Originally published by RT.com.
Opposition to France’s compulsory vaccine regime and its so-called health pass has sparked another weekend of protests across the country. In Paris, residents are marching – but also eating and drinking – in defiance of the rules.
Thousands of demonstrators marched through the French capital on Saturday as riot police clad in helmets and body armor tagged along. The vast majority of protesters appear to have been peaceful, although several isolated incidents were observed in which police deployed pepper spray.
A Ruptly livestream showed protesters chanting slogans and singing songs as they snaked their way through Paris. Many were sporting the iconic garb worn by supporters of the anti-austerity Yellow Vest movement, which over the past several years has caused considerable trouble for President Emmanuel Macron. Others waved flags and carried custom-made signs and banners calling for a return to “liberty.”
The march marked the fifth straight week of demonstrations held in Paris and other French cities. According to one popular Twitter account that has documented the weeks of demonstrations, dozens of events took place across France and its territories.
France recently introduced a compulsory vaccination regime for healthcare workers and other groups, as well as a digital vaccination ID required from all citizens for entrance to museums, movie theaters, swimming pools and other centers. The pass is also required for indoor and outdoor dining, a policy that has been visibly contested by Parisians. In an act of growing defiance, unauthorized ‘pop-up’ street venues have attracted huge crowds – as well as attention from the police.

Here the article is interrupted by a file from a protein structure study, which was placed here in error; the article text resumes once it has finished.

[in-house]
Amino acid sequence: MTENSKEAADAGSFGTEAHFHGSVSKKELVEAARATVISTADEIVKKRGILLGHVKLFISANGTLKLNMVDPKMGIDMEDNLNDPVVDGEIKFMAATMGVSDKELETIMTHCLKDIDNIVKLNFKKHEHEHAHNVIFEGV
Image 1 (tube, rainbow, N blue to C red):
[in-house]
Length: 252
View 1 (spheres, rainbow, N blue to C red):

This post was originally published by RT.com.
RT creates news with an edge for viewers who want to Question More. RT covers stories overlooked by the mainstream media, provides alternative perspectives on current affairs, and acquaints international audiences with a Russian viewpoint on major global events. With its first international news channel launched in 2005, RT is now a global, round-the-clock news network of eight TV channels, broadcasting news, current affairs, and documentaries, with digital platforms in six languages and sister news agency RUPTLY. Round-the-clock news channels in English, Arabic, Spanish, and documentary channel RT Doc, in English and Russian, broadcast from Moscow, while RT America airs from Washington, RT UK from London, and RT France from Paris. Today, RT is available in more than 100 countries spanning five continents.